AS I LOOK back on more than 20 years in public education as an administrator and teacher, a number of people and events stand out as being pivotal. Certainly the influence of my parents and many of my teachers had a profound effect in motivating me to become a teacher. However, the assassination of the Rev. Martin Luther King Jr. in my first few years of teaching made an indelible impression.

If my memory is accurate, April 4, 1968, was a Thursday. Like most Americans, I learned of the shooting of King through the interruption of an evening television program. What happened that night and the next several days had a very deep effect on me and helped me understand what it is to be a teacher.

I was 25 at the time and teaching at Abraham Lincoln Junior High School in northwest Washington. Lincoln, then in its first year of operation, was predominantly black, a school of 1,700. (I had taught previously for two years at another junior high school.) Immediately my mind raced with questions. Was the "riot" (or rebellion as some chose to call it) that so many had predicted now at hand? Would school even open? Could I, or should I go to school that next day, for Lincoln was less than 100 yards from 14th Street, where sporadic looting and burning were reportedly already underway. To compound problems, I was on crutches, recovering from knee surgery a month earlier following an accident playing basketball, (or as my students would now remark, "trying" to play basketball).

So here I was, on crutches, white, and unable to drive. I did feel a need to go to school, however; maybe, just maybe, some of my students would be in that Friday, and I was concerned over the students' feelings about what had happened to King. I felt it was important for me, as a teacher, to be there with them. And so, against the advice of most of my friends and relatives, I went in and met my classes as scheduled.

Attendance was down considerably on Friday, April 5, 1968. Not all the teachers came in that day. Some of the students were very calm, others were excited and talkative. We didn't even attempt to do any regular classwork; we just talked through what had gone on the night before, trying to discuss the whys and the concerns a lot of them had about what was happening. Keep in mind that we are talking about junior high school adolescents. I tried to get them to look at the causes of the disturbances, at what might happen further along, when the the immediate part of it was gone.

I COULD SEE that some of my students were tired and that it was likely they had been up all night. You must remember that for many people, pre-riot 14th Street was an alternative downtown with banks, shops, convenience stores and other businesses. These establishments were convenient targets for looters and others.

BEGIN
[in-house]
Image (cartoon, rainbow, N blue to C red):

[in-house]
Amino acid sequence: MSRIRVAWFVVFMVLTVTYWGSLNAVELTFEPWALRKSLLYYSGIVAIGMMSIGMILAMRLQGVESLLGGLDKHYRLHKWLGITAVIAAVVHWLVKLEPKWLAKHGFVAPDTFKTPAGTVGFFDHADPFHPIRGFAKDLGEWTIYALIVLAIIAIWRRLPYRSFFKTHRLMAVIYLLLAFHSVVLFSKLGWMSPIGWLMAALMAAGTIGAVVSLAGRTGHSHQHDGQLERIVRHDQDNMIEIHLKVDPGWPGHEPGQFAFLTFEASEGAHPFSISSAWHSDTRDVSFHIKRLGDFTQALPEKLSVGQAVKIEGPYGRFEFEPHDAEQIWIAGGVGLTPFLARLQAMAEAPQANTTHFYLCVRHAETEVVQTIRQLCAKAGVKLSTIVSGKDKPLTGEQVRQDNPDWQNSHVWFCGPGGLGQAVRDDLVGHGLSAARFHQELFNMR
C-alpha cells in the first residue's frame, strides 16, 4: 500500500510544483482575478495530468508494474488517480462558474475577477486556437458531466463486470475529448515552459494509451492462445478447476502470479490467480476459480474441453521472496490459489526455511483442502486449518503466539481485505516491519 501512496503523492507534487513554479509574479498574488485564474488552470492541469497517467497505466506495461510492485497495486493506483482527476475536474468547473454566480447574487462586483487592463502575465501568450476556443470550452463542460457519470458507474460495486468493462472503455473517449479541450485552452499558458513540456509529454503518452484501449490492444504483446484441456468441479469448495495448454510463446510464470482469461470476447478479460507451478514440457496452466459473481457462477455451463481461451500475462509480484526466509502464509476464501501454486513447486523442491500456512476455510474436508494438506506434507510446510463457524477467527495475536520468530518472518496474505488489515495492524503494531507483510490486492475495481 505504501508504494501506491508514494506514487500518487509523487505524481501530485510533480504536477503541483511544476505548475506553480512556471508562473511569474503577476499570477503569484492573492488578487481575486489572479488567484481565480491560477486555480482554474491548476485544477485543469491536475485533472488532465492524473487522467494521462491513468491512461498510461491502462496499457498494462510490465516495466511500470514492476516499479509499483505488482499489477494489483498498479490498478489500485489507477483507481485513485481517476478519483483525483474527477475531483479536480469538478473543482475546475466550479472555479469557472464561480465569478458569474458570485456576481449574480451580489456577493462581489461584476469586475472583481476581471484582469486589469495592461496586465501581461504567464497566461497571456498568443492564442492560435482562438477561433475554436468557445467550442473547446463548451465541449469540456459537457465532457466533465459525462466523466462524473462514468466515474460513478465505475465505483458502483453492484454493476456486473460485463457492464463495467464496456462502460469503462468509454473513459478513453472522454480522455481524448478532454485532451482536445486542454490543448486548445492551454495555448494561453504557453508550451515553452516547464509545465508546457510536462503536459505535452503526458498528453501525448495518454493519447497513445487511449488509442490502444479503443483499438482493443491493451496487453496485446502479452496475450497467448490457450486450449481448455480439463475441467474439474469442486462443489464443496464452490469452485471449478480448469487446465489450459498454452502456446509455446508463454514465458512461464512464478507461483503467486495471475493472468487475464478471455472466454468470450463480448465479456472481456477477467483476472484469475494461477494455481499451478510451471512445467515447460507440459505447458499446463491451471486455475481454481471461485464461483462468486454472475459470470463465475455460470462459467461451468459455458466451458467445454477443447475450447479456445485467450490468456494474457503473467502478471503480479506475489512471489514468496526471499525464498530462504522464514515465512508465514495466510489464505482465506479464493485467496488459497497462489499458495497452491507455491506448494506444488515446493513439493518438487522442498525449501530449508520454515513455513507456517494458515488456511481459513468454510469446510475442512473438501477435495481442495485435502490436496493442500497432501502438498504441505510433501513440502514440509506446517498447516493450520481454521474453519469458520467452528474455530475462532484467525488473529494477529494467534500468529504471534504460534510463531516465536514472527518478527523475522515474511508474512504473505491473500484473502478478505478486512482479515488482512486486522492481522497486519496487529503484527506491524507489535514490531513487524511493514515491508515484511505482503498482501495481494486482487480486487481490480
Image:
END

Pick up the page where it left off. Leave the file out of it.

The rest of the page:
It was an ambiguous situation. As I have said, I was white and the school was right in the riot corridor, but most of the students that I was close to and with whom I talked that day probably were more concerned about my safety than I was. Regardless of my feelings, I felt it was important for the students to talk about what was going on outside. It was one of the ways that I could show them that not all adults saw them in a stereotyped way and one of the ways that, perhaps, they could avoid seeing their teachers as stereotypes.

Looking back, I suspect that few of us knew we were in the midst of history that day and that the repercussions of 1968 still would be with us nearly 20 years later. I came out of the entire experience convinced, as I am now, that I was in the right profession. Only in education is there the day-to-day contact with young people that is so important. True, the material benefits are minimal, but there were many students at Lincoln and at other schools in which I taught who graduated and made something of themselves, despite the overwhelming odds against them. The belief that certain schools will only produce students who will never go further than a certain level is just not true.

The 1968 riots showed all of us, clearly and vividly, the sad state of affairs in urban America. Are we any better off now? In some quarters, it would seem that urban America has already been written off. George McKenna, the outspoken principal of George Washington High in Los Angeles, has achieved nationwide attention from the media for his success at working with low-income students that many thought irretrievably programmed for failure. But as he puts it, acknowledging the irony inherent in the attention paid him: "Why should an urban school that works be newsworthy? Aren't schools supposed to work? Can we write off, or continue to write off, urban schools?"

I feel now, as I felt that April in 1968, that young people need substantial role models, regardless of background, race or religion etc. to ease them through periods of transition. An educator, in addition to teaching a particular subject, teaches values, is open to differences and, it is to be hoped, sets a positive image for young people. The life and death of the Rev. Martin Luther King Jr. show that one person can make a difference. I feel fortunate to continue to have the opportunity to touch so many lives.

Michael A. Durso is principal of Woodrow Wilson Senior High school in the District of Columbia. This essay continues a series of occasional memoirs of teachers in The Education Review.